Almost no one likes to go through probate. It is expensive, time-consuming, and publicly exposes a person’s finances to the world at large. What is probate, and why should it be avoided?
Probate is a legal process supervised by the court which may be initiated after a person has died. The purposes of it are to (1) identify a deceased person’s assets, debts and beneficiaries, (2) ensure proper payment of debts, and (3) distribute assets to the beneficiaries. People hate this process for several reasons. For example, probate can be very expensive (ex: a home worth $500,000 can generate $26,000 in probate fees). In addition, probate often requires a substantial amount of paperwork and accountings which must be filed with the court. Not only does the paperwork take a long time for the court to process (anywhere from several months to years), but the paperwork which identifies assets, debts and beneficiaries is also a matter of public record.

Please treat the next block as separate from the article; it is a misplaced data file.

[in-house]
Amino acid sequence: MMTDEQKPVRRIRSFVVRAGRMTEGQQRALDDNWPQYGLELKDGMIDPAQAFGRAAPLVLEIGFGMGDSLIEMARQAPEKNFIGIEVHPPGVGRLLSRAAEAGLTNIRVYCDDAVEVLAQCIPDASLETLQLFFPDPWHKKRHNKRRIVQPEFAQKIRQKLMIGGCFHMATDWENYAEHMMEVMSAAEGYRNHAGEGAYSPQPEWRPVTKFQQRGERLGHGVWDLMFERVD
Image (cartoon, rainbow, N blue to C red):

Having a trust is the best way to avoid the probate process. A trust is private – there is no required exposure to the public about what the person owns, how much money they owe, or who their beneficiaries are. Setting up a trust and administering it generally take far less time (and headache) than a probate. Finally, the cost to have an attorney prepare a trust is a fraction of the cost of probate.
For more information on setting up a trust, to evaluate an existing trust, or make changes to an existing trust, please contact attorney Lorilee DeSantis at (707) 900-4500 or our contact form.